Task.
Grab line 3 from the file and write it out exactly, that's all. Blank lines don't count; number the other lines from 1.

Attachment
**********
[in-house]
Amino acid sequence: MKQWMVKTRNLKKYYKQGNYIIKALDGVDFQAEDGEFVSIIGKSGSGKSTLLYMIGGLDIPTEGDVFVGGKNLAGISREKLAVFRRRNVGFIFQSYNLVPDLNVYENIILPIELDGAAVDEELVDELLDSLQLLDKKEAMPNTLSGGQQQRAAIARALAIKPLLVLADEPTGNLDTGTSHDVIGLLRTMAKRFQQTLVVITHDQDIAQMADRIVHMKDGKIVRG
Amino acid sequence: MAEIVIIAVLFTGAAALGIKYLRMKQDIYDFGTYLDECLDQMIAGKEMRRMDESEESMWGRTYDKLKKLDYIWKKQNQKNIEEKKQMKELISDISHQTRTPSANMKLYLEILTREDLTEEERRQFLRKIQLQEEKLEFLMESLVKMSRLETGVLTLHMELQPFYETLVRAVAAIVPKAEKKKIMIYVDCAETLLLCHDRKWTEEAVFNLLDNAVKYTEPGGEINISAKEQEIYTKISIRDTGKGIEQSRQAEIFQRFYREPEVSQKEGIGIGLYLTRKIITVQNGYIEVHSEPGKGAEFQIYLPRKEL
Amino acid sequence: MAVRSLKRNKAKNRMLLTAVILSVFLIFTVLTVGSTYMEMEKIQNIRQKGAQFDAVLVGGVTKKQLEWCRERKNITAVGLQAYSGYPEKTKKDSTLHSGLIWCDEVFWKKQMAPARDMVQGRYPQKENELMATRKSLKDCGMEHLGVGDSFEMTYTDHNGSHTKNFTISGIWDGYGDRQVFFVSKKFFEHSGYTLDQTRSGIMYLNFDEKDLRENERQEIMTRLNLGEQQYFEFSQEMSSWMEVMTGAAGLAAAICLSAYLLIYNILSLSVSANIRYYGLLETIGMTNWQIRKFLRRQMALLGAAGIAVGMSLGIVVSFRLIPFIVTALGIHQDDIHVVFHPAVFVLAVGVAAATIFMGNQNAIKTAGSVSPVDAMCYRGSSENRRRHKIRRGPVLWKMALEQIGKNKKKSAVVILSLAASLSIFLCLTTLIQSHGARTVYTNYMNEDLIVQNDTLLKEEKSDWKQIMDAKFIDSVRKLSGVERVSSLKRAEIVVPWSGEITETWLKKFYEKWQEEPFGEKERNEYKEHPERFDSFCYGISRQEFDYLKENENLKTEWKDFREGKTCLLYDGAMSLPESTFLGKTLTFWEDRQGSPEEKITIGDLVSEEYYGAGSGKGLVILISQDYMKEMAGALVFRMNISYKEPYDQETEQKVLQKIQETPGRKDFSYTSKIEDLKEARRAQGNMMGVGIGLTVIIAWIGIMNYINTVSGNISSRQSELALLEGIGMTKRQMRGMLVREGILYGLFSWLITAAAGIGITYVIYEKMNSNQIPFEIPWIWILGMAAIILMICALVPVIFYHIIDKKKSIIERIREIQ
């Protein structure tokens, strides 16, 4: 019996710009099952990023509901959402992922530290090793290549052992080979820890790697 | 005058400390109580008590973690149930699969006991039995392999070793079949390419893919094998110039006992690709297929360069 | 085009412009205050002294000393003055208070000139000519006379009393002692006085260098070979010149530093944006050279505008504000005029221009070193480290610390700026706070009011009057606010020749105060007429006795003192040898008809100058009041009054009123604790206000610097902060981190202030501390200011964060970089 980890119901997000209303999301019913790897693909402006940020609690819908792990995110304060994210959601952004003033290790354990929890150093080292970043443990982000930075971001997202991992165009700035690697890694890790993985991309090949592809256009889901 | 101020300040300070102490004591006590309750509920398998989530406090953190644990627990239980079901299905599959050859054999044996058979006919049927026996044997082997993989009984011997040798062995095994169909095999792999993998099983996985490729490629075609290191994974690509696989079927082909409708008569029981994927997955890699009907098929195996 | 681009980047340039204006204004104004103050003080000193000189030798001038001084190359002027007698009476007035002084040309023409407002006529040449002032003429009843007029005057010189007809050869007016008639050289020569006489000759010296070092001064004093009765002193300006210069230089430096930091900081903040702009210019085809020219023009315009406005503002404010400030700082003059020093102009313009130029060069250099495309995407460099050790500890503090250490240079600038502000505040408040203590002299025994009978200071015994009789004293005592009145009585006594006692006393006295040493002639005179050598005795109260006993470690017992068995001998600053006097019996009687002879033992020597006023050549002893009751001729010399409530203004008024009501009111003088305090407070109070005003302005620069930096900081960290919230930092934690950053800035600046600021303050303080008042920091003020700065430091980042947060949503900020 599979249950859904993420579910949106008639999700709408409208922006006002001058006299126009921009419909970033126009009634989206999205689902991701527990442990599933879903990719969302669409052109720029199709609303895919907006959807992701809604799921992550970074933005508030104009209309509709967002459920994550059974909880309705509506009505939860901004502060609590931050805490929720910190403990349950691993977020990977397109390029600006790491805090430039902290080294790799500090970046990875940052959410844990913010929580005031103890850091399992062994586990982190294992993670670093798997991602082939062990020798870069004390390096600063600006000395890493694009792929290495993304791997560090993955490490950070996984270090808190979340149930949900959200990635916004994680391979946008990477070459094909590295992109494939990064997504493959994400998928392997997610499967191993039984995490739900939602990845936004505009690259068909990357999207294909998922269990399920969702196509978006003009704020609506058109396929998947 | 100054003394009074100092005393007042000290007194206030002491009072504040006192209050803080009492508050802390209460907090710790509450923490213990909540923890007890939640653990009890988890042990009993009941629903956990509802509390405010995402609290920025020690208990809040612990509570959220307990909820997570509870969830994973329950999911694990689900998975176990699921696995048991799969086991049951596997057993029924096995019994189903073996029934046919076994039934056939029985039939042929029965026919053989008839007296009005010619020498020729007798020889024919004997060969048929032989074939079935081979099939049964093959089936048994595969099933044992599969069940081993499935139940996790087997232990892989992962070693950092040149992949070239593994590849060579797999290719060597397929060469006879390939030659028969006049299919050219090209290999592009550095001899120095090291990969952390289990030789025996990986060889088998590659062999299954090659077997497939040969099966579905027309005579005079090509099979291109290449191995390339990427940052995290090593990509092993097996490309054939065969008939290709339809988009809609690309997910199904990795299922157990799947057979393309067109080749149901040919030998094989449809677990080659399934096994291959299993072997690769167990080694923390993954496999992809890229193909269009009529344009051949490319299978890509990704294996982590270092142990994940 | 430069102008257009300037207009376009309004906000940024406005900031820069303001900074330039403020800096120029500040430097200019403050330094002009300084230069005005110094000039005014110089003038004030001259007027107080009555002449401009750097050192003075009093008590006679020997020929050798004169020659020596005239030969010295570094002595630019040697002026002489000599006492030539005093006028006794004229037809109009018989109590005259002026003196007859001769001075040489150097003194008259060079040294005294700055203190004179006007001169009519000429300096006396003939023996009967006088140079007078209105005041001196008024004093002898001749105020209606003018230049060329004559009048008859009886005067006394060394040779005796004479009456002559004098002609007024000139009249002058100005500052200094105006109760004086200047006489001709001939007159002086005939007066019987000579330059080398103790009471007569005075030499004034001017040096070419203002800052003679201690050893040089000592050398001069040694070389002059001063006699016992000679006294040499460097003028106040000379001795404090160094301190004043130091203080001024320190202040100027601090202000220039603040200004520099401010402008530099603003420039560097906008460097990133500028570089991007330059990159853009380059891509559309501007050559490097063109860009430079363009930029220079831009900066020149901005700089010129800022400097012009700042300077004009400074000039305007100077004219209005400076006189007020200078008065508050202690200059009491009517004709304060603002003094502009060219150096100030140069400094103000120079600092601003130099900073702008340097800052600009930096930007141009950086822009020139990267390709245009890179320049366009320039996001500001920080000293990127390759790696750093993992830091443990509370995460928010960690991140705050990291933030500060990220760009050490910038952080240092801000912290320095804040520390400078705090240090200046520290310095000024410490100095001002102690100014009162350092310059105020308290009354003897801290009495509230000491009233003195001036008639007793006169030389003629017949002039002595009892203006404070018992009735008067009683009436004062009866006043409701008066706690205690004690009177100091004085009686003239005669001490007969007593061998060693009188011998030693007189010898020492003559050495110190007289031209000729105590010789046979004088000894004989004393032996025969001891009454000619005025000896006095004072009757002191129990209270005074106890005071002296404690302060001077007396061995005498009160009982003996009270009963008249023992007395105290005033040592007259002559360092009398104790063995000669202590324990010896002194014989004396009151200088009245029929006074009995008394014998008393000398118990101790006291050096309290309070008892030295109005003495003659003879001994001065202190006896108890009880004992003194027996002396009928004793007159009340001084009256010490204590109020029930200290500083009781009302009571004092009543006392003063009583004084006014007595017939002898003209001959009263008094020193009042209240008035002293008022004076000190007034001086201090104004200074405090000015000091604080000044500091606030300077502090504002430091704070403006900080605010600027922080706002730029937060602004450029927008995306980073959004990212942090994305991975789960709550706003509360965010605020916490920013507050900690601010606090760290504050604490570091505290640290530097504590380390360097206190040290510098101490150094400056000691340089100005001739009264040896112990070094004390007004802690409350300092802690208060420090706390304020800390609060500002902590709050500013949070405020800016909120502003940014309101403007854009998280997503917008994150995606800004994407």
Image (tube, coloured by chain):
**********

Amino acid sequence: MAEIVIIAVLFTGAAALGIKYLRMKQDIYDFGTYLDECLDQMIAGKEMRRMDESEESMWGRTYDKLKKLDYIWKKQNQKNIEEKKQMKELISDISHQTRTPSANMKLYLEILTREDLTEEERRQFLRKIQLQEEKLEFLMESLVKMSRLETGVLTLHMELQPFYETLVRAVAAIVPKAEKKKIMIYVDCAETLLLCHDRKWTEEAVFNLLDNAVKYTEPGGEINISAKEQEIYTKISIRDTGKGIEQSRQAEIFQRFYREPEVSQKEGIGIGLYLTRKIITVQNGYIEVHSEPGKGAEFQIYLPRKEL